An American in London: The Shel Talmy Interview, Part Two
Continued from Part One…
While Talmy was busy producing hits for The Who, The Kinks and others, he found time to produce quite a few lesser-known artists. As an independent producer, he saw his productions released on Andrew Loog Oldham’s Immediate, Pye, Columbia, Decca, London, Fontana, Atco and many others. He started his own label, Planet, in 1965, releasing more than two dozen singles in less than three years.
In late 1966 Talmy produced As Is, the third album of new material from Manfred Mann. He also produced a Dylanesque non-LP single, “Semi-Detached Suburban Mr James” b/w “Morning After the Party.” Talmy shakes his head when recalling the band led by its namesake, a South African keyboardist. “I always thought I was kind of the resident shrink with those guys,” he says. “These were five university guys who could not agree on anything! They would have verbose discussions during the session, until I finally said, ‘Enough! We are now recording.’”
That same year, Talmy’s ear for talent found him in touch with an Australian group, The Easybeats. The band had already released seven singles and an EP in its home country (including the number one hit “Sorry” b/w “Funny Feelin’”), but had yet to score a hit outside Australia. The band was brought to Talmy by managers Mike Vaughan and Ted Albert.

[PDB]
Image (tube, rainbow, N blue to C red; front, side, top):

“Ted Albert’s family owned a major Australian publishing company,” Talmy recalls. “He passed himself as a producer; he tried a couple of things with them, and he was basically tossed out. Then they came for me. I liked them a lot.”
But while Talmy liked the band, he didn’t much care for the songs co-writers Harry Vanda and George Young were penning for their group. “We were in the singles market at this point. So I said, ‘I clearly like what you guys are doing, but you’ve got to go away and write more songs. Come and visit me once a week or whenever you feel you are ready, and let’s listen to what you’ve got. We’re going to come up with something.’”
Vanda and Young did as they were instructed. “And that’s what happened for about six, seven weeks maybe,” Talmy says, “until they came in with ‘Friday On My Mind.’ And then I said, ‘That’s it! We’re going to do a session.’” The smash hit single plus other Talmy-produced material was released on the 1967 LP Good Friday.
Right around the time Talmy was working on sessions for The Easybeats, he discovered the band he describes as his major regret: The Creation. With a pop-art sound that strongly echoed that of The Who, The Creation seemed destined for large-scale success. “They should have been as everybody thought they would be,” Talmy says. “And they were coming on great.”
But internal tension was tearing the band apart. Talmy says that vocalist Kenny Pickett and guitarist Eddie Phillips “were the two main guys. And as far as I’m concerned, I could have done without the rest of them, because they were replaceable.” By the time sessions were under way for the band’s debut single, “Making Time” b/w “Try and Stop Me,” Talmy says the group was in serious turmoil. “I just refused to put up with bullshit in sessions,” Talmy says. “I got on very well with all these guys, so I could talk to them like, ‘Whatever! Stop fucking around, because we’re here to do records.’”